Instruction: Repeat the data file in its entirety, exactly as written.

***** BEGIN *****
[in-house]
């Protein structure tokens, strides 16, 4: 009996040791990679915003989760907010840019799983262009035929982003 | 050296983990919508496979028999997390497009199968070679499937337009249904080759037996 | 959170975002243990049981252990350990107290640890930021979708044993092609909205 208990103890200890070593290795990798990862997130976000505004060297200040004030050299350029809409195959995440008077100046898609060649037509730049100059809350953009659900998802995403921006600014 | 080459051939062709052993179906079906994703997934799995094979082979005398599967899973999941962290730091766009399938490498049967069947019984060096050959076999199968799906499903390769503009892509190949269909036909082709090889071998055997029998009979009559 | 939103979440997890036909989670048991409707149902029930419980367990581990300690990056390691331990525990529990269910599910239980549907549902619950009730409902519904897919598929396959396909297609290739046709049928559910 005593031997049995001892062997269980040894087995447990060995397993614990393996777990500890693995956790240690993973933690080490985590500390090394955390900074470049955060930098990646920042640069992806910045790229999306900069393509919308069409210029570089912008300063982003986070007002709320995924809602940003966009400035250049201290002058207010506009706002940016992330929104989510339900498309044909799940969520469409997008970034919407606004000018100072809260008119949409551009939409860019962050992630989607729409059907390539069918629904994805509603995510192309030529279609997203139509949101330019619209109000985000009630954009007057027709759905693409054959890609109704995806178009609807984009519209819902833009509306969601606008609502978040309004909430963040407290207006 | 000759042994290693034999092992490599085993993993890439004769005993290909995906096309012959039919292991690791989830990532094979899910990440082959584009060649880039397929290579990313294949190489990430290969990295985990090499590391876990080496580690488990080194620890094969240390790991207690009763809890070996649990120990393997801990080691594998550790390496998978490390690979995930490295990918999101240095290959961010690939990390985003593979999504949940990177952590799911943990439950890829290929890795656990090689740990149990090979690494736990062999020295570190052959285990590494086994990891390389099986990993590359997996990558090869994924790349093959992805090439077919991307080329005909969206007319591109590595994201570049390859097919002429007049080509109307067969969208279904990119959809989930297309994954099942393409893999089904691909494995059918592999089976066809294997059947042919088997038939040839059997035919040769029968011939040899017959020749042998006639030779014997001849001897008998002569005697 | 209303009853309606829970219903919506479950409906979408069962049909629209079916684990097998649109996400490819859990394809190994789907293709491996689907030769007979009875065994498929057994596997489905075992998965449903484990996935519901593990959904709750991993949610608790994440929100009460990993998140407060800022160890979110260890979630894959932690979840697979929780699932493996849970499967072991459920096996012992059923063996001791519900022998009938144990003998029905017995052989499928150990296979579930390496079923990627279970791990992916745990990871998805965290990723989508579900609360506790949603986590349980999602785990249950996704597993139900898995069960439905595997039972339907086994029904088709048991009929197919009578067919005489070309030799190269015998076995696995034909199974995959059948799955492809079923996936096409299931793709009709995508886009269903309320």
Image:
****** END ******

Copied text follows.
[in-house]
């Protein structure tokens, strides 16, 4: 009996040791990679915003989760907010840019799983262009035929982003 | 050296983990919508496979028999997390497009199968070679499937337009249904080759037996 | 959170975002243990049981252990350990107290640890930021979708044993092609909205 208990103890200890070593290795990798990862997130976000505004060297200040004030050299350029809409195959995440008077100046898609060649037509730049100059809350953009659900998802995403921006600014 | 080459051939062709052993179906079906994703997934799995094979082979005398599967899973999941962290730091766009399938490498049967069947019984060096050959076999199968799906499903390769503009892509190949269909036909082709090889071998055997029998009979009559 | 939103979440997890036909989670048991409707149902029930419980367990581990300690990056390691331990525990529990269910599910239980549907549902619950009730409902519904897919598929396959396909297609290739046709049928559910 005593031997049995001892062997269980040894087995447990060995397993614990393996777990500890693995956790240690993973933690080490985590500390090394955390900074470049955060930098990646920042640069992806910045790229999306900069393509919308069409210029570089912008300063982003986070007002709320995924809602940003966009400035250049201290002058207010506009706002940016992330929104989510339900498309044909799940969520469409997008970034919407606004000018100072809260008119949409551009939409860019962050992630989607729409059907390539069918629904994805509603995510192309030529279609997203139509949101330019619209109000985000009630954009007057027709759905693409054959890609109704995806178009609807984009519209819902833009509306969601606008609502978040309004909430963040407290207006 | 000759042994290693034999092992490599085993993993890439004769005993290909995906096309012959039919292991690791989830990532094979899910990440082959584009060649880039397929290579990313294949190489990430290969990295985990090499590391876990080496580690488990080194620890094969240390790991207690009763809890070996649990120990393997801990080691594998550790390496998978490390690979995930490295990918999101240095290959961010690939990390985003593979999504949940990177952590799911943990439950890829290929890795656990090689740990149990090979690494736990062999020295570190052959285990590494086994990891390389099986990993590359997996990558090869994924790349093959992805090439077919991307080329005909969206007319591109590595994201570049390859097919002429007049080509109307067969969208279904990119959809989930297309994954099942393409893999089904691909494995059918592999089976066809294997059947042919088997038939040839059997035919040769029968011939040899017959020749042998006639030779014997001849001897008998002569005697 | 209303009853309606829970219903919506479950409906979408069962049909629209079916684990097998649109996400490819859990394809190994789907293709491996689907030769007979009875065994498929057994596997489905075992998965449903484990996935519901593990959904709750991993949610608790994440929100009460990993998140407060800022160890979110260890979630894959932690979840697979929780699932493996849970499967072991459920096996012992059923063996001791519900022998009938144990003998029905017995052989499928150990296979579930390496079923990627279970791990992916745990990871998805965290990723989508579900609360506790949603986590349980999602785990249950996704597993139900898995069960439905595997039972339907086994029904088709048991009929197919009578067919005489070309030799190269015998076995696995034909199974995959059948799955492809079923996936096409299931793709009709995508886009269903309320």
Image: